We all must be critical, intelligent thinkers who form our own opinions based on our own experiences. My experiences at the GB – while some were so very wonderful (like falling in love with so many animals and people there who've forever changed my life) – have also unfortunately led me to believe that the safety and well-being of the animals there takes a clearly measurable backseat to the all-important image of Utopia. Because Utopia tugs at the heartstrings. And because these kinds of emotional responses solicit donation dollars. I think – based on my lengthy and very involved tenure there – that the Gentle Barn no longer raises money to rescue animals. I am of the opinion the GB rescues animals to raise money. This distinction is very important.
And this is why (finally coming full-circle to my ultimate point here) I am so endlessly frustrated at such glowing reviews based solely upon the wonderful feelings people have upon visiting the barn. Yes, as farmed-animal advocates we LOVE that you feel so happy experiencing the joy of being around these wonderful souls. But as farmed animal advocates we also know that our own joy should never – EVER – be at the expense of any animals anywhere. In sanctuary especially, the animals must come first. As someone who staffed that yard from a strictly defensive position during my last year (Who can handle the big pigs best and keep them from brawling in such small barns? Who can best manage [cows] Holy and Madonna to keep them from falling in the pig pool and probably breaking a leg? Which volunteer has a strong enough personality to keep people away from any animals who are overwhelmed by the crowds but still make everyone feel welcome? Who can make sure yet another chicken or turkey doesn't get crushed under one of the pigs?), I most definitely believe your happiness visiting there has been granted at the expense of the residents who call that yard home.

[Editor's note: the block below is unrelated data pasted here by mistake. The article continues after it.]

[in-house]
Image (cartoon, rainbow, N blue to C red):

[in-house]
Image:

All this being said, please know one more thing: We are not a small group of toxic, disgruntled, ex-volunteers filled with bitterness and hate. Our numbers are many and we are compassionate and concerned and – without exception – brokenhearted. Among us are experts in the fields of animal care and advocacy. Among us are college-educated, working professionals with both corporate and non-profit backgrounds. Among us are community leaders and concerned parents and people who LOVE the original mission statement on which the barn was built. We just think the founders have lost their way. And some of us, myself included, are trying to right our own personal wrongs of staying quiet far too long and watching animals suffer because of it.
My Name is Nikki and I was a special person at the Gentle Barn for a horse named Princess. I was a special person to Princess for almost 2 years. I came to see her almost everyday; grooming her, walking her, riding her, and taking general care of her until I could not take the verbal abuse and prolonged stress I endured from Ellie and Jay any longer...forcing me to leave.
I also donted money for the "60 sad cows" campaign...the same cows that were never saved. I have filed a complaint with the Attorney General and the Gentle Barn is currently under investigation.
I would be very interested in meeting for a public forum to get answers.
My Name is jackie Wagner and I volunteered at the Gentle Barn for three years. I also was employed by Elli and Jay to babysit their children and work with the horses for a short period of time. I worked closely with the all the animals and the volunteers and was there about 20 or more hours a week. Me and my family also made donations to the Gentle Barn.
I saw personally how they treat animals and volunteers and it is not okay. Because of the mistreatment I saw I would absolutely attend a meeting where the board, staff and Elli and Jay can answer our many questions. I think its time that me and many others finally get the answers that we deserve. If Elli, Jay and the Gentle Barn have nothing to hide than this meeting sounds like a wonderful idea.